Former state Sen. Virgil Smith (D-Detroit) hopes to appear on the November ballot for Detroit City Council District 2. He won enough votes in the August primary election to qualify for the November runoff.
But it’s still not a sure thing. That’s because Smith agreed to a plea deal that barred him from running for public office for five years. The Michigan Court of Appeals threw out that provision of Smith’s plea deal. But Wayne County Prosecutor Kym Worthy is now working on appealing that ruling to the Michigan Supreme Court.
WDET’s Jake Neher and Michigan Public Radio’s Cheyna Roth talk about how this case could have much wider implications in Michigan.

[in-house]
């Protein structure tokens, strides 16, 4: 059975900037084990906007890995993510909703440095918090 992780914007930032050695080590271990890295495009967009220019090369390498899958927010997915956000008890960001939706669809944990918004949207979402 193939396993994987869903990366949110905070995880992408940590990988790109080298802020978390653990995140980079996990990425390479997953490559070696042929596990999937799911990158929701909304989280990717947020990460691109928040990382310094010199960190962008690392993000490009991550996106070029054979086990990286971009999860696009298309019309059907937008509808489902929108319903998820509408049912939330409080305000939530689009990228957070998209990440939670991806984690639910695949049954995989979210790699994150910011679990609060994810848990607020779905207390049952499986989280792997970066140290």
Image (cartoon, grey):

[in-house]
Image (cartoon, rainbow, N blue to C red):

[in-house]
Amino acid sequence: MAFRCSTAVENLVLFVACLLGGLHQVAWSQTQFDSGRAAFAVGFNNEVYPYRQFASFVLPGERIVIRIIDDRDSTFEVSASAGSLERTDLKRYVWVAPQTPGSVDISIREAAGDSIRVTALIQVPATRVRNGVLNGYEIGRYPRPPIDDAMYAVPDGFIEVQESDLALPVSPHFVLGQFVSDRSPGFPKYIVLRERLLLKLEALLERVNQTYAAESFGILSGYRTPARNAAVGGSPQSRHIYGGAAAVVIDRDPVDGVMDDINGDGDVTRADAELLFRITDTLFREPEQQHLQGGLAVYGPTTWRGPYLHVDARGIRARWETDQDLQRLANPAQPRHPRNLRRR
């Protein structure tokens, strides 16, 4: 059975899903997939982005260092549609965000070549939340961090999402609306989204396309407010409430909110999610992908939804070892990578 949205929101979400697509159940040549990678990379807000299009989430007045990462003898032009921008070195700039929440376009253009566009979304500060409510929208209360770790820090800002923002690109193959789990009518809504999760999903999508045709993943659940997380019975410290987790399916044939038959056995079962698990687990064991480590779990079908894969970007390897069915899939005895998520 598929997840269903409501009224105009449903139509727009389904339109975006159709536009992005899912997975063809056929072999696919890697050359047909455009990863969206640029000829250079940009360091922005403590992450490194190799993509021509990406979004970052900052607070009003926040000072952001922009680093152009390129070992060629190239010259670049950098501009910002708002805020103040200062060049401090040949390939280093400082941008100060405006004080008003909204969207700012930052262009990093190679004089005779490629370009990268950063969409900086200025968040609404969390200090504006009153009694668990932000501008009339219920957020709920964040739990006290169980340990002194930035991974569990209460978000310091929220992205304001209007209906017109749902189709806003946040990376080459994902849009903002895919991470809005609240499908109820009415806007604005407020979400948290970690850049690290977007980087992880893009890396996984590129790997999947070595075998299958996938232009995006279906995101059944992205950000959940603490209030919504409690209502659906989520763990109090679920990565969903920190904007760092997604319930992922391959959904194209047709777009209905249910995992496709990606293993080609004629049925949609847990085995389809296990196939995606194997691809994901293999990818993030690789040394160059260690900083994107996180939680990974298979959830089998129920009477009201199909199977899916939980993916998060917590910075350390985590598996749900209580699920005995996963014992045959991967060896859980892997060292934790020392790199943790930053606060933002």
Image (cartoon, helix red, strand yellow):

Roth says the Appeals Court is saying in its decision that “voters have a constitutional right to pick their electors.”
“That’s the same point that opponents of term limits say… that you cannot tell people that you cannot elect someone if that’s who (you) want to represent (you),” notes Neher. “So it would be interesting to see, if term limits ever became an issue in court, if this would have big implications for that.”
Roth says this could also have a significant impact on Michigan’s criminal court system.
“It’s very rare to see a court step in and give a blanket exemption about what can be put into a plea agreement,” she says. “For the most part, prosecutors and defendants are given a pretty wide latitude to craft these contracts.”
Click on the audio player above to hear the full conversation.